Feb 03 2016

Getting Fluffy Into The Cat Carrier

Rudy (Janice's cat)


So as part of owning a cat it is inevitable that you will need to travel to the vet from time to time whether it be for annual vaccines, exams, or when Fluffy isn’t feeling well. Does your cat hate his carrier? Think about why this could be…..unlike a dog who gets to go fun places in the car more often than not, the only place Fluffy goes is to the vet’s office. Being the smart feline that Fluffy is, he will likely figure this part of his life out all too quickly. He will therefore manipulate you, therein ‘training’ you as he has now devised a way how not get into his carrier. Using his innate craftiness that I am convinced most, if not all cats possess. Fluffy may simply just go MIA; underground; incognito….not concealing his whereabouts or showing signs that he is around until he is affirmed that you have completely given up on the mission. Surely there are places in your home where Fluffy knows he will be inconspicuous and completely unattainable. Even worse yet, Fluffy may have predicated all out war on you and that “box” thing that you wish to place him in! Ambushing you……perhaps Fluffy resorts to swatting at you or hissing, spitting, and/or biting until veritably, you are now in need a hospital. The auxiliary plan here of course, is to make you exceedingly late, consequently causing irreversible embarrassment squashing your ego as you now have to call your vet’s office and report that you either cannot find your cat, or that you are needing to cancel the appointment as you are now bleeding and in need of a Dr. !
So what now? Well there are some much easier ways to get your cat to the veterinarian and most importantly, maintain the happiness of your delicate Fluffy; and that of your own too, of course. To begin, if you have a kitten….start NOW!!! Make Fluffy’s carrier a fun place to be or even to sleep in! It is essential that it remain part of the furniture in your home for a while, and subsequently here and there after the initial training period. Do not rush anything with your precious Fluffy; he is much smarter than you think.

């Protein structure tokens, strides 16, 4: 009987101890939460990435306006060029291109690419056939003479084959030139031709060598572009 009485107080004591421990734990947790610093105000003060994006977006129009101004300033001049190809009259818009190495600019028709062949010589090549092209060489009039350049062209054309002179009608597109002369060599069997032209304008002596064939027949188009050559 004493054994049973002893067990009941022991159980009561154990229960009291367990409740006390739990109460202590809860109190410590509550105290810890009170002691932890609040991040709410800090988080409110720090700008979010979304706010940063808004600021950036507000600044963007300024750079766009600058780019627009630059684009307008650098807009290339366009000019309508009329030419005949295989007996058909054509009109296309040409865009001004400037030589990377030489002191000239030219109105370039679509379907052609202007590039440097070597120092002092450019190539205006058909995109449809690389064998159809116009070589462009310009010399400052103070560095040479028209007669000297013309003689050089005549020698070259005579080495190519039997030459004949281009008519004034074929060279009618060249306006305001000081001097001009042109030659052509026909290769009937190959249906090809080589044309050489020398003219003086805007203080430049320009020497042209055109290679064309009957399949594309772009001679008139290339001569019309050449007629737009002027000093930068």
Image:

Quietly and calmly resting

Quietly and calmly resting

So to get started off, preferably choose a carrier that is roomy and made of plastic with a door (s). There are so many nice ones to choose from so it will be worth the investment to purchase a nice one. Not to mention, there is no reason to purchase multiple carriers as the kitten grows if you don’t want the expense. This can easily be a one-time investment. Simply ask your veterinarian the approximate size that your Fluffy will become and choose a carrier appropriate for that size. Speaking on behalf of us vet technicians, we really like the ones that have a door at the top also…hint hint. That way you do not have to pull the stubborn or frightened little Fluffy out of the carrier; especially as he gets older and wiser. That said, if you do not feel so inclined to pay for a carrier there are always used ones around, and often times your veterinarian’s office will receive carriers as donations, so it’s always worth asking if they have any! The normal cat carriers are just as practical since you can remove the whole top off with the screws. The soft carriers can be made to work if necessary as well.
Now that you have chosen your carrier, find a central location in your home, your cat’s favorite room, or his dining area to place the carrier. I recommend either taking the door off completely or securing it so there is no risk of it closing accidentally on Fluffy or Heaven forbid his tail or paw. That would make things far more complicated than need be and mentally scar your adored Fluffy. Often times, taking the top of the carrier off can be helpful and entice him to want to play or sleep in his carrier, especially if you have more than one little kitty. Make sure there is nice soft bedding inside and perhaps a favorite toy, treat, or even catnip. It is also said to be helpful to use a pheromone such as Feliway or something of the like, and spray the carrier and bedding with it. Make this a fun place for Fluffy to play in or to get a snack. The one thing you do not want to happen, however, is for Fluffy to mistake the carrier for his bathroom. So if you are still litter box training, it might be advisable to keep the carrier close to his dining area since cats are usually far less inclined to potty in the vicinity of their food. It is imperative that he learn to associate the presence of the carrier with a casual atmosphere and that it isn’t just a dreaded box that only reveals itself when a vet visit is looming.